Tick Talk Issue 27“Always demanding the best of oneself, living with honor, devoting one's talents and gifts to the benefits of others – these are the measures of success that endure when material things have passed away.” — Henry Ford
Why Are You Afraid?
Many psychologists agree that procrastination is a psychological problem based upon some sort of fear. These fears include such things as fear of failure, fear of facing an unpleasant experience, and even fear of boredom. I confess, fear of boredom is why I procrastinate doing my expense reports.
All techniques to help overcome procrastination are designed to help us bridge the gap of fear, no matter what the cause. My favorite technique is to make an appointment with myself to do the thing I’m procrastinating. But do it away from my regular environment. That way I don’t have excuses to not get the job done!
Some common techniques used to overcome procrastination are:
- • Scream and jump into the project as you would jump into a cold swimming pool. (It works for me, and I do scream)
- • Reward yourself in some way for getting it done. (Too many ice-cream rewards can create another problem)
- • Make a commitment to another person and get them to stay on your case. (not a good friend who could be too soft on you)
- • Break large tasks into smaller pieces. (smaller pieces are a lot easier to digest)
Recognize what fear drives your procrastination and pick a technique to help you get through it. For example, maybe you’ve put off making a difficult phone call because you feel it will be an unpleasant experience. I’ve made many such calls in my career and almost always I’ve found it was never as bad as I thought. Also, my self esteem would shoot up, my stress would go down, and I would be far more productive the rest of the day.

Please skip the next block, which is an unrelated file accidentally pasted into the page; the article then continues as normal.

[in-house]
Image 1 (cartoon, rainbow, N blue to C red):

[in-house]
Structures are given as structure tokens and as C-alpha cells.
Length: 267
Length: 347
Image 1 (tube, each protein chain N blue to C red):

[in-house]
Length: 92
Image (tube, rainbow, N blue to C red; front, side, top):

What are you afraid of? What are you procrastinating? Do it now. The benefits of eliminating procrastination are huge.
Utilize the Principle of Accessibility.
Simple concepts can be powerful. When used they are often the difference between success and failure. One of the most powerful yet underutilized concepts in the field of achievement is the principle of accessibility.
The earliest formal writing we can find on this subject is by Charles R. Hobbs, Ph.D., in his doctoral thesis written while attending Columbia University. Dr. Hobbs clarifies the essence of this idea in these words, "If you would induct yourself into a skill, an element of knowledge, or a goal, make that skill, knowledge, or goal directly, continuously, and meaningfully accessible to yourself."
Simply stated, if you desire to succeed in achieving a goal or acquiring a new skill, keep it visible. Keep the goal constantly accessible as a reminder and motivator.
Time Saving Tip of The Month.
Want to Avoid Time Crunches? Go Faster than Time!
We can’t make time speed up and we can’t make time slow down. We can, however, go faster than time. Go faster than time by deciding what events you want to occur on future dates. You can do that by describing them as written objectives – long range goals. Then, plan and execute the actions that will make your planned future events materialize – intermediate goals. In this way you can get out in front of time.
People who are in control of their lives maximize this advantage. People who are out of control don’t. They find themselves in a time crunch. They let time overtake them by starting the above process too late. It’s called procrastination.